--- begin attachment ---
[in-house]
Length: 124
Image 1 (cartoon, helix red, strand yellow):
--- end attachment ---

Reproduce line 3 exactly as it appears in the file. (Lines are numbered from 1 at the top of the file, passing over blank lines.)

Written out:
Image 1 (cartoon, helix red, strand yellow):